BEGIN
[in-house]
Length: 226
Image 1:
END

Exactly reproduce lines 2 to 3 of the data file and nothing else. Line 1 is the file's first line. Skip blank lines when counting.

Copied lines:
Length: 226
Image 1: